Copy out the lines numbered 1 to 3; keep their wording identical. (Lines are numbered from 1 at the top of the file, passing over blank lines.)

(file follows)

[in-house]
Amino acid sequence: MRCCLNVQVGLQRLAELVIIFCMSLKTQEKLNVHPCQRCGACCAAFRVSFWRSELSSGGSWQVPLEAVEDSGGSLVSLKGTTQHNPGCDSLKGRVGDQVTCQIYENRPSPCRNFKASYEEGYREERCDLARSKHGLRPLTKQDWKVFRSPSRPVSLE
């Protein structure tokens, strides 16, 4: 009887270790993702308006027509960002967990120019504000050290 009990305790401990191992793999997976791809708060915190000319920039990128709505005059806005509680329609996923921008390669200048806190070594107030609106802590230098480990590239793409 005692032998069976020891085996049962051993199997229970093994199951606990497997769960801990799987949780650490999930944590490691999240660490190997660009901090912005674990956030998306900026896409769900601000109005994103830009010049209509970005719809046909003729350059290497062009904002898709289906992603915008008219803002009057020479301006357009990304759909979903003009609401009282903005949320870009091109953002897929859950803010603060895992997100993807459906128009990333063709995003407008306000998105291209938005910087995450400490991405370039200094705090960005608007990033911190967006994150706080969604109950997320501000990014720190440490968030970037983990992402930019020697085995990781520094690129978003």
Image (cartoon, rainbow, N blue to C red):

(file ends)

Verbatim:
[in-house]
Amino acid sequence: MRCCLNVQVGLQRLAELVIIFCMSLKTQEKLNVHPCQRCGACCAAFRVSFWRSELSSGGSWQVPLEAVEDSGGSLVSLKGTTQHNPGCDSLKGRVGDQVTCQIYENRPSPCRNFKASYEEGYREERCDLARSKHGLRPLTKQDWKVFRSPSRPVSLE
């Protein structure tokens, strides 16, 4: 009887270790993702308006027509960002967990120019504000050290 009990305790401990191992793999997976791809708060915190000319920039990128709505005059806005509680329609996923921008390669200048806190070594107030609106802590230098480990590239793409 005692032998069976020891085996049962051993199997229970093994199951606990497997769960801990799987949780650490999930944590490691999240660490190997660009901090912005674990956030998306900026896409769900601000109005994103830009010049209509970005719809046909003729350059290497062009904002898709289906992603915008008219803002009057020479301006357009990304759909979903003009609401009282903005949320870009091109953002897929859950803010603060895992997100993807459906128009990333063709995003407008306000998105291209938005910087995450400490991405370039200094705090960005608007990033911190967006994150706080969604109950997320501000990014720190440490968030970037983990992402930019020697085995990781520094690129978003």